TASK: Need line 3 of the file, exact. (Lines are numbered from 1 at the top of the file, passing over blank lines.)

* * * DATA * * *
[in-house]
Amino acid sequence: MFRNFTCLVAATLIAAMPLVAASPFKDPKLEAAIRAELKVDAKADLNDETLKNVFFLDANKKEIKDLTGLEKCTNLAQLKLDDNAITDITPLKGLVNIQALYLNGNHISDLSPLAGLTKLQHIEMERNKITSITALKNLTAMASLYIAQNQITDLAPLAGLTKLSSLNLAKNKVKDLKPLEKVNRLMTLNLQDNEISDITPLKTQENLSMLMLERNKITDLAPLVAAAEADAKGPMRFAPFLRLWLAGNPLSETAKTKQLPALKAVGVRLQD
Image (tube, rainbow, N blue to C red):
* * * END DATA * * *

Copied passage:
Image (tube, rainbow, N blue to C red):